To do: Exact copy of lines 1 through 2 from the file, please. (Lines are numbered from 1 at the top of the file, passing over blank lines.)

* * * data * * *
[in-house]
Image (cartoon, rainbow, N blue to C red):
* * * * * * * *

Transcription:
[in-house]
Image (cartoon, rainbow, N blue to C red):